February 11, 2016
After yet another attempt to discipline a poor performing employee was reversed by the Merit Systems Protection Board, the head of the nation’s largest veterans service organization added his voice to a growing legion of critics that unelected judges are making it impossible to bring accountability to the Department of Veterans Affairs.
“The burden of proof needed to discipline a VA employee, or any employee for that matter, should not be the same as what is required to send an accused murderer to death row,” said American Legion National Commander Dale Barnett. “VA Deputy Secretary Sloan Gibson should be commended for attempting to remove the director of the Albany, N.Y., VA Medical Center because he felt that she created an environment that was unsafe for veterans. This is just a week after the MSPB ruled that two senior VA officials in Pennsylvania and Minnesota could not be demoted, even after the VA’s own IG report found that they inappropriately manipulated the agency’s relocation system for personal gain. President Obama and Congress have promised to restore accountability at the Department of Veterans Affairs. It is almost impossible to do that when VA’s attempts to discipline poor performers are reversed at the end of the appeals process.”
Barnett says that while The American Legion supports the right of any employee to receive a fair hearing, the burden of proof should not be greater than what most taxpayers would expect from their private sector jobs.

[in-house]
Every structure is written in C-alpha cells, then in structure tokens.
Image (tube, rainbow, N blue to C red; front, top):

“VA employees have been entrusted with a huge responsibility, the health and well-being of our nation’s veterans,” Barnett said. “By tolerating bad behavior without even allowing a slap on the wrist, the MSPB is risking the lives of veterans. The American Legion is calling on Congress, the Department of Veterans Affairs and the MSPB to work together to reform the procedures needed to finally bring accountability to a department that desperately needs it.”
With a current membership of 2.2 million wartime veterans, The American Legion was founded in 1919 on the four pillars of a strong national security, veterans affairs, Americanism, and youth programs. Legionnaires work for the betterment of their communities through nearly 14,000 posts across the nation.
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